Turns out it wouldn't be for roughly five years, as Luther wouldn't finally compile the songs until he was able to listen to many different sequences on the often snail-paced subway rides between Manhattan and Brooklyn where he had relocated after several years in Los Angeles. "I just began to hit upon the fact that all of the instrumental tracks that I had accrued could provide little 'smoke breaks' for the listener, so to speak". Inspired by the sprawling double-albums of his youth, such as Husker Du's Zen Arcade, Game Theory's Lolita Nation and Fleetwood Mac's Tusk, he began to see the songs woven together in a longer, more colorful tapestry. "I wanted to make a record that someone could literally get lost in...every time you'd drop the needle you'd be somewhere new. It would be like a friend that was always around, but each time you get together something has changed a little, just like in life". Invariably the album would wind up consisting of some darker pathways, to which Luther attributes more than a few harrowing experiences, such as the sudden passing of two of his "very best friends" and a horrible accident where he nearly lost use of his right hand. "A period of intense darkness seemed to settle over me after the recording of my last record. Moving to New York was definitely an 'escape' of sorts, but the kind of loss I experienced over the past few years one can never quite shake, I think".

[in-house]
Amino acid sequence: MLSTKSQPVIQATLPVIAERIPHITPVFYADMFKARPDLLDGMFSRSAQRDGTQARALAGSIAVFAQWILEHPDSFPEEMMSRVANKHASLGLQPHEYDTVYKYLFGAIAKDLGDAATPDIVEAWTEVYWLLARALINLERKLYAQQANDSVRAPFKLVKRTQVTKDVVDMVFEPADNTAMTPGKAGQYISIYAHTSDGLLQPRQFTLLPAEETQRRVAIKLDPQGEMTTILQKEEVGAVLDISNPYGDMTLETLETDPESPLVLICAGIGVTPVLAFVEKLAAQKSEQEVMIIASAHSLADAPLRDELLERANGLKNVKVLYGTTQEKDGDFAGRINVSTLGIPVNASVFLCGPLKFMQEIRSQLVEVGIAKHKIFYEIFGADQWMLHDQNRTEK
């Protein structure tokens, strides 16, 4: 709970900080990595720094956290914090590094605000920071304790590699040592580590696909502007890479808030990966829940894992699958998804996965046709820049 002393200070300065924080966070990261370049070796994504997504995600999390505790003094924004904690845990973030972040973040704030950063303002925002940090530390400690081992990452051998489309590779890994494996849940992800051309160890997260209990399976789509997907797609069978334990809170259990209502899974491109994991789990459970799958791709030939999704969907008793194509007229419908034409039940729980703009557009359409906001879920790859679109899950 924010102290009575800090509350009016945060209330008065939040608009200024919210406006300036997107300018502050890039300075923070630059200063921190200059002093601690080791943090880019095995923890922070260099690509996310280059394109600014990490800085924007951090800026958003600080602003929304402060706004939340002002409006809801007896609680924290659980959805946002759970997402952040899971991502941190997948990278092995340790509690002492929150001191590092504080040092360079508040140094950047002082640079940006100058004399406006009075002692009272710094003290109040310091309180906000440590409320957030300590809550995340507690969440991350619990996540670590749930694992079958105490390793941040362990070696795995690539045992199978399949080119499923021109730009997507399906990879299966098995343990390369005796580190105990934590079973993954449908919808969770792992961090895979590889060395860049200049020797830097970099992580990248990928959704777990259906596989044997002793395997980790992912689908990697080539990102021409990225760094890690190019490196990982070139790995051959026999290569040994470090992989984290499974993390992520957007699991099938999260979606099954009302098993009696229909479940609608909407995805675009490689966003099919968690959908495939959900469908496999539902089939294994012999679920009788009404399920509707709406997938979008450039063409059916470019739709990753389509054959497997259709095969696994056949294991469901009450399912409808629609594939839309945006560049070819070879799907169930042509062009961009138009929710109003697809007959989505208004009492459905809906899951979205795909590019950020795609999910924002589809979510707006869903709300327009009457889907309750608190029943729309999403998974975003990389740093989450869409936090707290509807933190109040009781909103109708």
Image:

It's these more contemplative stretches of musical highway that are found in songs such as "A World Unknown," a stripped-down blues lament concerning "various frightened glimpses into one's own mortality" and "1st & Main," a spidery concoction regarding a certain sojourn through downtown L.A. "which I'd rather not discuss", Russell broods. Livelier tracks include the uproarious "Long Lost Friend," something of a sonic shotgun-wedding between the Faces and Nilsson, juxtaposed with lyrics about "literally having fuck-all", and "Ain't Frightening Me," a dervish of acid words and zig-zag melody influenced by the proto-power-pop of Nick Lowe and Dwight Twilley. The font of mix-and-match songcraft throughout the record can also be attributed to Luther's background, which includes a grandfather and great-uncle, each of whom wrote several Tin Pan Alley standards. It's this family history which he pays tribute to on instrumentals such as the ragtime-y "109th & Madison" (named for the intersection in Harlem where his grandmother grew up) and "Still Life Radio," the old Broadway-style opener which evokes an instant nostalgia even before the expansive record has begun to rev-up (with the grinding Sidekick Reverb).